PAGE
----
The management techniques of Peter Drucker and Warren Bennis may differ; however, the basis premise is still the same. Both Drucker and Bennis are well-known experts in the field of management. In fact, both of these men have formed great alliances in their careers. Let's take a brief look into the lives of Drucker and Bennis.
Peter Drucker was born in Vienna in the early 1900's. Today, Drucker is perhaps the most influential writer in the field of management. He is the author of twenty-nine books, which have been translated into twenty languages (cgu.edu).
In 1925 Drucker assisted Claremont Graduate University in spinning off of the University and establishing The Peter F. Drucker Graduate School of Management. The school is comprised of many well-known Universities throughout the country (cgu.edu/faculty).
Even though Bennis is only a fraction of the age of Drucker, he too is a well-known expert in the field of management. Bennis is the author of twenty-seven books, which have also been translated into twenty languages.
Bennis is currently a Professor at Marshall School. It is with pride, Bennis lists his accomplishments on his personal web-site. Some of the more interesting accomplishments to make note of are: founding Chairman of the Leadership Institute at the University of Southern California and Fellow of the Royal Society of the Arts (UK) (MOR faculty). Bennis began using his leadership skills at the young age of twenty when he served as the youngest infantry commander that fought in Germany (MOR faculty).
We will take a look at the theories of Drucker and Bennis, as well as their views on teamwork. Both have different approaches but both have profound insight on both topics.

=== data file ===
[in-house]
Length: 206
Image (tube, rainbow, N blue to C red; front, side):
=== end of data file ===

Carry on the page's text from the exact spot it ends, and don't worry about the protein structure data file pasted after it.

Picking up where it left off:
THEORY: DRUCKER VS BENNIS
Drucker is widely credited for inventing modern management and for being the most influential management consultant (Gorr). The most notable characteristics regarding Drucker's views are that he makes one think about what they do or what they are trying to accomplish and why. Innovation is something that he tries to instill in each company he is consulting with. As reported in "The Practice of Innovation" by Peter Senge, Drucker has three ingredients that make up the discipline of innovation. First, focusing on the mission, he believes that one must have a definitive goal or purpose in which they are trying to pursue in order to be successful. Second, defining significant results, or otherwise expressing what is believed to be the anticipated end result. Third, performing rigorous assessments based on the tasks that are being performed while trying to adhere to the mission. This step includes the willingness of all involved to throw out any tasks, thoughts, or processes that are not contributing to the overall objective. A feeling of mutual trust must be established between management and lower level associates in order for non-management personnel to come forward with what they believe is not working during the assessment phase. Even though Drucker is known for helping fix a company's management problems, his "fix" goes deeper than strictly the management occurring within that company. This thought is due to the fact that no company is immune to uncontrollable external factors. He uses what is going on externally from the company, such as the marketplace, historical happenings, and current political conditions in order to assess how the company should adjust (Senge). In his opinion, his suggestions to a company are not focused on the bottom line, but rather on the employees and how to guide them toward achieving their highest potential. Once this is achieved is when the company has succeeded and is meeting its objective all around, because then in turn, the employees are striving to do their best in meeting the mission in the most effective and efficient manner. Bennis is yet another well-respected authority on management. Bennis' main theory is that of leadership. His claim to fame...
References: Bennis, Warren. (1989). "Why Leaders Can 't Lead". Retrieved May 11, 2001.
New York: Penguin, 1992
10, 2001. www.insidebiz.com/hamptonroads/books/book082698.htm.
Kurtzman, Joel. (Third Quarter, 1997). "An Interview with Warren Bennis", p. 1-8.
Retrieved May 11, 2001
Senge, Peter. (Summer 1998). "The Practice of Innovation." Leader to Leader.
Retrieved May 10, 2001
www.cgu.edu/faculty/druckerp.html Updated October 23, 1998. Retrieved May 14, 2001.
www.drucker.cgu.edu Retrieved May 14, 2001.
www.marshall.usc.edu/mor/people/BennisW.html Retrieved May 14, 2001.
Please join StudyMode to read the full document